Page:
Riding Uphill with Jim in Colorado
Now that we’ve made it into 2014 – thank goodness! – the countdown of the Top 14 moments in my sport career continues with two adventures in Colorado that feature my coach, Saint Jim Lehman.
Seriously, I’ve glossed over the hell I put him through, and he deserves recognition. Isn’t this what any normal thankful person would do for the lone individual who answered the phone daily for a year and a half and listened patiently as the athlete talked herself out of and then back into training and racing?
If this doesn’t say thanks, then…..I’m not sure what does.
#6 Riding up Pikes Peak with Jim
After the London Games I flew to Colorado to thank Jim Lehman in person…so I made him ride more slowly than he otherwise would….to the top of Pike’s Peak (one of Colorado’s famous 14-ers). Once there, at the top of the world (or at least far above Colorado Springs and Kansas) I let him buy me a donut.*
And I smiled for a picture, even though it was the hardest ride I’ve ever done and I kind of wanted to puke.
I’m going to do this ride again, maybe with Jim, maybe this summer, because, well, they also sell fudge up there.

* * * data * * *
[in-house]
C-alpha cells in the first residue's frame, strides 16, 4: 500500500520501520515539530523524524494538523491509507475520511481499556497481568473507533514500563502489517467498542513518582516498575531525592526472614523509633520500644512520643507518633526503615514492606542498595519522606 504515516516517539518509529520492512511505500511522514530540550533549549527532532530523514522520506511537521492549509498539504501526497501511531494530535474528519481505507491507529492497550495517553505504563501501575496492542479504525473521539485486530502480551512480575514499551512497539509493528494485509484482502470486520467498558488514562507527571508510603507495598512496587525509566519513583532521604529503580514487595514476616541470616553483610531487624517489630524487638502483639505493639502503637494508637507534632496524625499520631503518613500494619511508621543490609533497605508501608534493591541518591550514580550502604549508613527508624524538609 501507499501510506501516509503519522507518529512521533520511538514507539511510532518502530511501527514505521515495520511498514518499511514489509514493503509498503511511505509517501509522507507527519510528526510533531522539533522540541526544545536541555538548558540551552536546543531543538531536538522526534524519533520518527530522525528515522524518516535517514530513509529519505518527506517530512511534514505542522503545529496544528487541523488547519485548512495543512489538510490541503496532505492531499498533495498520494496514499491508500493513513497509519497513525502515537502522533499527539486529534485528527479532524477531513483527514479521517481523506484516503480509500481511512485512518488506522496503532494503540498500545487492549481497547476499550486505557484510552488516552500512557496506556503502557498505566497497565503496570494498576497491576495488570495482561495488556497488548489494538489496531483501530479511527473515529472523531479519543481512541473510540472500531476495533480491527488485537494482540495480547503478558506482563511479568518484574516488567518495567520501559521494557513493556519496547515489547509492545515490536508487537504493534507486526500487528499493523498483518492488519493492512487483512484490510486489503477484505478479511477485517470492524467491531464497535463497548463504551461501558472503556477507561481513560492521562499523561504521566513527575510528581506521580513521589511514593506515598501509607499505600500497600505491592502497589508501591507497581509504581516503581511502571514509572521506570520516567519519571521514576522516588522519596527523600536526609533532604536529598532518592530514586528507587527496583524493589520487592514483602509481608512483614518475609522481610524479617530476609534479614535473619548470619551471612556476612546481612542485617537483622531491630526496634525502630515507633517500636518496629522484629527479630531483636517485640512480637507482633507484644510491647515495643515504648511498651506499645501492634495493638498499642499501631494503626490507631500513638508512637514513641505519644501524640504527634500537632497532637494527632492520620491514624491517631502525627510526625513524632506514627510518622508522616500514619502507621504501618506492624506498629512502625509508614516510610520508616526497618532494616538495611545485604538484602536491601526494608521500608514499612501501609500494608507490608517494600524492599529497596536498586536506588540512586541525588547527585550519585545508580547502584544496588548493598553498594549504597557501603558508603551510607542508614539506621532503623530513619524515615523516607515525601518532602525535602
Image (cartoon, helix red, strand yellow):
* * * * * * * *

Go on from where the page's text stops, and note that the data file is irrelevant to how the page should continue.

*Oh, okay…..I maybe also presented Jim with a medal commemorating his induction into the elite, selective Order of I-Couldn’t-Have-Won-A-Paralympic-Medal-Without-You. Except that I didn’t carry the medal to the top, because, like a proper medal, it weighed a ton, and what am I, invincible?**
#5 Setting the women’s record up Cheyenne Cañon in CO
I’m one of those weird people who feels less pain riding uphill than riding on flat ground. It doesn’t make sense, but it does make me feel invincible sometimes. (**I said sometimes.)
So, of course, my favorite part of training in Colorado Springs were the days when I “had” to do Cheyenne Cañon repeats. I rode up that canyon dozens of times. And frequently, I would find myself on rest days unclipped at the bottom gate, staring wistfully up a road I really shouldn’t ride on a rest day.
By the time I was signed up for the annual time trial, I knew all the cracks in the pavement, the swoopy momentum-carrying path through the hairpin turn at Helen Hunt falls, and…well, you get the idea.
What I didn’t know the first four times that Jim told me I needed to do the race was that I had been tantalizingly close to the women’s record during training…on a bike loaded down with water bottles and pump and regular ol’ training wheels. Once I figured that out, he didn’t need to tell me a fifth time.
Anyway, long story short, on race day, I set the elite women’s record. (And yes, I felt invincible.)
Next time, I promise, the Paralympics finally make an appearance on the Top 14 list….